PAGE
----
When a movie claims to be "based on true events", it's almost a joke now. It usually means there's a loose link to actual events at best. In historical fiction, it's common to have a basis in research and then play a little game of "What if?"
Research into ancient Chinese texts presents an interesting quandary. Historical accounts are so imbued with romanticism and legendary exaggerations that history and fable become blurred. The research for the "East meets West" elements of BUTTERFLY SWORDS took an interesting twist and surprisingly, had quite a bit of documentation behind them.
The first thread of inspiration came from comparative history. As history buffs, we tend to focus on one period or one area. But out of curiosity, I tried to match up one of my favorite eras, the late Tang dynasty, with western history and found an interesting correlation: the Golden Age of China coincides with the Dark Ages of Europe. The Dark Ages were a time of flux. Rome had fallen and an array of different barbarian tribes wandered into the lands once controlled by the Roman Empire. At the same time, China was at one of its heights of culture and learning. This was the heyday of Silk Road trade. It also happened to be a time when women enjoyed more freedom and several prominent females such as Empress Wu rose to the highest ranks of power.
The second thread of inspiration came from one of the barbarian tribes that challenged the Roman empire: The Huns. The Huns originated from the steppes of Eastern Asia but by the time they migrated to Europe, they had gathered a whole mix of cultures and ethnicities. Attila the Hun became embroiled in court politics when the Emperor's sister, Honoria, appealed to Attila to try to escape marriage to a Roman senator. Hmm...what if the barbarians went from the West to the East instead and their leader somehow got mixed up with an imperial princess of the Tang Dynasty?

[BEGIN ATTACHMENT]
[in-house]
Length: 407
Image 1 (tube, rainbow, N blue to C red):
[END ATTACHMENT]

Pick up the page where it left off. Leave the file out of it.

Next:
Now that things were starting to stew, I had to figure out how much contact there actually was between the East and the West before Marco Polo. It turns out that there are records of early contact in the Han Dynasty(AD 25-220). The explorer, Gan Ying, was sent on an expedition to Rome. It's believed that he made it to the shore of the Mediterranean Ocean before turning back. His travels are documented in the Hou Hanshou, a historical account of the later Han Dynasty.
Direct contact between the two cultures was rare, but there are accounts of Roman ambassadors visiting the Chinese imperial court, sent by various Roman Emperors from the first through the third century.
To Rome, China was known as Seres. Chinese silk was brought to Rome through the Silk Road and Roman good were traded in China. A 4th century Chinese document, the Weilue, contains a section called the People of the West where the kingdoms of the Middle East, India and Rome are described. Rome was called "Da Qin" or "Ta Chin" which means Great China. This document indicates that at the very least, China was aware of Rome and curious about gathering information about the great empire that existed on the other side of the world.
So did western Europeans ever venture into China in the 8th century? Probably not. But was it possible? Maybe. More importantly, if they did, is that a story people would want to discover? I'm hoping so. All in all, it is hard, hard work "making up" any historical world, regardless of whether you are using actual historical figures or simply inspired by true events.